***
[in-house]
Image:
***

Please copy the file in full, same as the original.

[in-house]
Image: